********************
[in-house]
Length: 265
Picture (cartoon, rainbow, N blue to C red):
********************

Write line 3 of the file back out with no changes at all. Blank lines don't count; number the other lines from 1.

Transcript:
Picture (cartoon, rainbow, N blue to C red):